My sincerest thanks for all the kind words and well wishes from my blogging friends. I needed to get my priorities sorted, particularly with respects to the relationships in my life. I started writing again, in earnest, and managed to salvage the most important relationship I have, other than the one with God. I’ve also started the novel Jeanne Dark, and so far, it’s going well. So, it was a productive respite. I also started a blog that’s not about the writing per se or the photography, but about me and the world. Sometimes you have to take some steps backward to get where you’re trying to go. Here’s to moving forward.
In hopes some of you still enjoy my stories, below is another excerpt from the novelette “Holy Mother of Selina Sky.” It’s my favorite story to date. It’s the bittersweet tale of a lonely man who becomes the caretaker of a special little girl when her mother abandons her.
On the Tuesday that life started, I made the first loop around the lake, past the ornamental grasses full of peppery pollen, around the bend to the wildflowers that drew fewer bees each summer, through the roller-coaster twists of an up-and-downhill S-curve, to a dense thicket of trees, over the wooden bridge that covered fetid water that smelled like poo, past the noisy hill where small children played in the neighboring development’s tot lot, and past the grass field where lived an enormous cloud of gnats whose sole function in life was to torment me. I once read that mosquitoes are attracted to Type O blood, my type. I suppose gnats must be too. Past the swarm was a 0.2-mile straightaway along which little old ladies flocked on wooden benches like winter seagulls on the frozen lake, and then to the final straightaway, a downhill obstacle course where I would dip and dodge trying to avoid the gross, green globs of goose guano that perpetually painted the pathway. This was the part I hated the most, even more than the rude children, the swarming bugs, or the fetid lake water. This was where the families were – moms and pops who’d bring their kids to feed stale popcorn or moldy bread to the fowl vermin, despite signs along every turn of the lake admonishing them not to.
In retrospect, I cannot tell you if I was ever aware that I didn’t actually like walking around the lake. Liking a thing wasn’t something that I ever thought about. It was preferable, I believed, to focus on what was required of me. I was like a sharpened pencil. No one ever asks the pencil if it wants to write; they merely sharpen it, wearing it down a bit more each time, and make it do what it should. The way I saw it, I was an excellent pencil.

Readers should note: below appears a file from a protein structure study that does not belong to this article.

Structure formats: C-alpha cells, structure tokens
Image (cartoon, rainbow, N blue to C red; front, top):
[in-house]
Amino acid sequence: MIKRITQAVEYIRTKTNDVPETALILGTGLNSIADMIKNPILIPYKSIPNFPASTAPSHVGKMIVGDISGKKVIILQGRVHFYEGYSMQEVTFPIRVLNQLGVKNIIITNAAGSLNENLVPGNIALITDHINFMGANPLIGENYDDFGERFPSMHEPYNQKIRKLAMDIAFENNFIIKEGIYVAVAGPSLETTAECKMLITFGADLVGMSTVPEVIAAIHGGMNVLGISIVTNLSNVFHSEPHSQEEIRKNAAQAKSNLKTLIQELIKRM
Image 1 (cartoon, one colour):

At precisely 6:20 PM, as I was passing the “Heart Start” line that marked the beginning of the measured path, I was taken aback that the cloud of gnats, which should have been behind me, had relocated. I’d been delighted at their absence, hopefully believing the parks department had finally used pesticide to rid us of them. Their absence caused my endorphins to rise, and my pace quickened. I turned the final corner, my mouth open in full pant, right into the swarming insects, and swallowed two of the little horrors whole. I grasped my throat and began to cough, certain I could feel one of them still flapping along my esophagus, even though I knew that was an improbability. Knowing didn’t prevent my eyes from watering or throat from hurting.
“Godforsaken devils! Why did you move?” I choked out. They did not answer but continued their attack as I tried desperately to cough up my unwanted protein snack. I spun in a madman’s whirlwind, attempting to shoo the bugs without having to kill any of them. Though I sometimes hated Nature, I considered her to be a friend. One doesn’t kill one’s friends, even those who deserve it. Had the lake path been emptier, I might have run, but to be seen running in terror from a flock of nearly microscopic bugs was more than even my crippled pride could bear. Instead, I began waving frantically and clenched my eyelids shut lest one of the little buggers enter and stab my irises with their bristling insect hair. I took one blind step forward … and my hand met something wonderfully soft. It was downy, like a firm pillow covered in silk. Reflexively, a dim part of my brain encouraged me to squeeze. I did, and it was wondrous.